It is vital that we preserve the same range of choice in maternity services—honoring the many varieties of approach, practice, philosophy and vision held by those called to serve birthing women; acknowledging that women have their own visions and deserve the full right to realize them by choosing where, how and with whom they give birth. Rather than try to forge a limiting standard, we may more fruitfully seek to reinforce these individual freedoms, thereby finding strength in our wide professional diversity.

I ask, then, that a most important gap be bridged—the synaptic gap, the sparkling impulse of thought across our dancing neurons—to remember that “midwife” rightfully means all manner of different things to different people. May we treasure this kaleidoscopic banquet from which we have the opportunity to both offer and choose.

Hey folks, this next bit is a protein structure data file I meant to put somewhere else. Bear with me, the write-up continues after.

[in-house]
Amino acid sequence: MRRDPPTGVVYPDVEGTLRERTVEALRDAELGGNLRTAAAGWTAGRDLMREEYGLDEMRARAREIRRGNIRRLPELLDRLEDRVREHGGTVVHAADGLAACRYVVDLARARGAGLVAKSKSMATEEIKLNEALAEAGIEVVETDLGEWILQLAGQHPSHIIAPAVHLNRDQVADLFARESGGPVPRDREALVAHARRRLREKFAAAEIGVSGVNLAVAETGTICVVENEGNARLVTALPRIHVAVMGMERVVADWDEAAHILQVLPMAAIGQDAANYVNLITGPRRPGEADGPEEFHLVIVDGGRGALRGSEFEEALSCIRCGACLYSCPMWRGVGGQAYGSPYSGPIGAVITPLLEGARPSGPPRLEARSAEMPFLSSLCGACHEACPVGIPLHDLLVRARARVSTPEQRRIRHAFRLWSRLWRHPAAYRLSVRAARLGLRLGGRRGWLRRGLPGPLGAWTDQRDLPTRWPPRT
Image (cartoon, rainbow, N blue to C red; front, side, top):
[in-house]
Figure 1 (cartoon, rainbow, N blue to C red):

About Author: Judy Edmunds

Judy Edmunds, CPM, RNC, LM, CH, is a certified professional midwife licensed in the state of Oregon. She has been practicing independently since 1980. Judy is also a registered nutritional consultant and chartered herbalist. As an HIV/AIDS consultant, certified HIV testing counselor and partner notification specialist, she keeps busy researching, developing and teaching disease prevention programs. She also enjoys teaching emergency response techniques such as CPR, Neonatal Resuscitation, First Aid and Advanced Life Support in Obstetrics. She has been certified as an instructor for the American Red Cross, the American Academy of Family Physicians and the American Heart Association. Judy writes in her "spare" time.